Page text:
So, if you are a leader, what would Toni Parker’s request “Forget about me” look like for you? How can you step into your own leadership while leaving space for others to step into their own leadership as well? By doing so you’ll become a greater leader and your whole team will become better.

LETTING GO OF THE NEED TO PROVE ANYTHING

Photo by Greg Rakozy on Unsplash

Here is what I noticed lately.

If I come from a place of fear and want to prove myself, then:

  • My breathing is shallow,
  • I am only partially present,
  • My energy is one of debating,
  • Yes… But…,
  • I try to make my point,
  • I try to fix, advise, provide answers,
  • I try to reassure the other one but it’s actually just to reassure myself,
  • I please,
  • Less Connection,
  • Less Trust,
  • Possibilities are limited, or nonexistent
  • My impact is so, so.

Instead, if I let go of the need to prove anything, then:

  • My breathing is nice and slow,
  • I am fully present,
  • My energy is one of flow,
  • Yes… And…,
  • I am not attached to be right,
  • I am curious and OK to NOT KNOW,
  • I don’t need to reassure the other one, he/she is already reassured,
  • I serve,
  • More connection,
  • More Trust,
  • Possibilities are abundant,
  • My impact is increased.

To let go of the need to prove anything, I can ground myself, connect to my inner power, focus on the other one, practice all sorts of things and find all sorts of good reasons why I have nothing to prove, but in the end, I find it all comes down to TRUST.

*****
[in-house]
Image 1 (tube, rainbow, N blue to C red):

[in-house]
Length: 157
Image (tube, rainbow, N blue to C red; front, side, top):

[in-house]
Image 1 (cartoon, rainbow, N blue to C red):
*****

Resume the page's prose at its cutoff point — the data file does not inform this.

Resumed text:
Letting go of the need to prove anything requires a huge amount of Trust. And Trust is not something you have or give once you have all the data to prove you are right, it is something you do without any certainty which is why it is often hard.

And you, do you need to prove something? What would be different if you let go of that need? What is necessary for you to let go of that need?

Take care,

INTENTION vs IMPACT

Photo by Alex Perez on Unsplash

Photo by Alex Perez on Unsplash

If you happen to give talks in front of people, it may have happened to you to see someone in the audience frowning, looking severe, like they didn’t like or agree with what you were saying, whereas they were just very focused and trying, understand and absorb what you were saying (by the way I am one of these guys when I am listening to a talk). Or someone who looked bored and almost sleeping and suddenly asking a brilliant spot on question. If so, you’ve experienced the fact that the Intention of someone (in this case listening and willing to understand) is often different from the Impact (making the speaker feel like something is wrong or not interesting with his/her speech).

And the thing is …

We judge ourselves based on our INTENTION; Others judge us based on our IMPACT.

INTENTION vs IMPACT. A lot of conflicts come from the fact that these two are confused. And the fact that our impact is often different from our intention and that we are not aware of it is due to various things such as:

  • Our blind spots: we don’t really see ourselves operate; we can’t see what others see about us
  • People live from their own perception which means they see the world differently than us. Literally. We kind of know that and yet, we forget it every day. People will interpret what they see /hear/feel based on their own values, education, experience, biases and therefore will receive what you send with their own filters and you will receive what they send with your own filter.
  • Eventually, we are not taught/educated to be present to our impact. It is really a practice.